The return of bigotry through the sanitised medium of identity politics is key to understanding the rise of contemporary anti-Semitism. Today, identity politics works to devalue the moral status of Jews. At the same time, through its influence in wider culture, it gives a green light to old-school anti-Semites to voice their hitherto self-censored sentiments. It is likely that the spiral of silence surrounding the Jewish Question will soon give way to a more open and aggressive tone.

That was in February, before the Democratic Party was called upon to make a singular condemnation of anti-Semitism, and found itself unable to do so. Anti-Semitism by way of identity politics has already found its way into art. James Panero on the 2017 Whitney Biennial:

"[Jordon] Wolfson is interested in violence as a rupture or distortion of our everyday consciousness," we are informed by a wall label. Yet the extreme violence of the work calls out for its own suppression through our natural aversion to it. For added effect: a Chanukah prayer, which plays in the headphones during the beating, hints at Jewish culpability in the fictitious atrocity. It seems to serve no other purpose than to needle another identity group, which so far has not taken the bait.

Such antagonism of identity is the sole purpose of a large sculpture by the artist named "Pope.L aka William Pope.L" called Claim (2017). Consisting of 2,755 slices of dripping, suppurating bologna pinned to a grid, "each slice has an image portrait of a purported Jewish person pasted to its center," as Pope.L describes it in a document included in the work. In fact these images were collected with no regard for individual identity, as he goes on to explain, and were simply based on a calculation of the total number of Jews living in New York. Of course, the singling out of Jews has an evil history, and Pope.L hedges such finger-pointing with what you might infer from the inclusion of "baloney." At the same time, the work operates through an aggression on its Jewish subject matter, with an overall effect that is decidedly not Kosher.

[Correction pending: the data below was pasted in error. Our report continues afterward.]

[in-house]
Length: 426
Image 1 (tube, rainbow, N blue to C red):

I thought that was generous of James, given what would have happened if an artist had nailed nearly three-thousand portraits of purported Muslim persons to individual slices of ham. Instead the 2017 WhiBi's chief object of outrage was Dana Schutz. Who has a Jewish-looking name! And has shown at the Jewish Museum! I'm sure it's just a coincidence.

But my point is not about newly burgeoning anti-Semitism, but a breakdown of the liberal component of left-liberalism that repels such evils and permits rational analysis of its situation. This has implications for art writing. Let's walk through an overview: